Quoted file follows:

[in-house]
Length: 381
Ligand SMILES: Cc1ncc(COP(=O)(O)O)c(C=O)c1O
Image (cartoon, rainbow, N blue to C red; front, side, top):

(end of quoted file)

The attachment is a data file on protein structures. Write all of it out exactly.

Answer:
[in-house]
Length: 381
Ligand SMILES: Cc1ncc(COP(=O)(O)O)c(C=O)c1O
Image (cartoon, rainbow, N blue to C red; front, side, top):